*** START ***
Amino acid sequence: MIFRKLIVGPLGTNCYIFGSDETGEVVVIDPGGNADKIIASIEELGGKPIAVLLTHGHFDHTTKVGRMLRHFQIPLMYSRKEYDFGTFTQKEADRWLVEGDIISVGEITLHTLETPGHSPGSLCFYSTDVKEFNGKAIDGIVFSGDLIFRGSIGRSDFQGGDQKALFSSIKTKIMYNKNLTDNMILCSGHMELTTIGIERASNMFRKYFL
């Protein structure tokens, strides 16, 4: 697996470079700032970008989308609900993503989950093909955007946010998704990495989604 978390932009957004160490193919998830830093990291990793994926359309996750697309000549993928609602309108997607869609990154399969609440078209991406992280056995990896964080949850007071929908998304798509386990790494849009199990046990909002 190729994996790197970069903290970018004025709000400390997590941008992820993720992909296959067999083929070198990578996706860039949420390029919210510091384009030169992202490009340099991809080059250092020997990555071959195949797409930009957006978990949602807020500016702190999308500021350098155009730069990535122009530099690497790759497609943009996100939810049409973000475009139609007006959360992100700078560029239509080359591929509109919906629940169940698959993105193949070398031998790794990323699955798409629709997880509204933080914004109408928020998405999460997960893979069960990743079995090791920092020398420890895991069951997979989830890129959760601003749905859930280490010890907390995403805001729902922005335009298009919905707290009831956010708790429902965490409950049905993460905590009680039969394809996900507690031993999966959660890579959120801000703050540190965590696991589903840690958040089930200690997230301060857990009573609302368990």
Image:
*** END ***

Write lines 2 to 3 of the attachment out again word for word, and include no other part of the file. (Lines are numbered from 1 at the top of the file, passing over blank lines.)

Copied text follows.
């Protein structure tokens, strides 16, 4: 697996470079700032970008989308609900993503989950093909955007946010998704990495989604 978390932009957004160490193919998830830093990291990793994926359309996750697309000549993928609602309108997607869609990154399969609440078209991406992280056995990896964080949850007071929908998304798509386990790494849009199990046990909002 190729994996790197970069903290970018004025709000400390997590941008992820993720992909296959067999083929070198990578996706860039949420390029919210510091384009030169992202490009340099991809080059250092020997990555071959195949797409930009957006978990949602807020500016702190999308500021350098155009730069990535122009530099690497790759497609943009996100939810049409973000475009139609007006959360992100700078560029239509080359591929509109919906629940169940698959993105193949070398031998790794990323699955798409629709997880509204933080914004109408928020998405999460997960893979069960990743079995090791920092020398420890895991069951997979989830890129959760601003749905859930280490010890907390995403805001729902922005335009298009919905707290009831956010708790429902965490409950049905993460905590009680039969394809996900507690031993999966959660890579959120801000703050540190965590696991589903840690958040089930200690997230301060857990009573609302368990």
Image: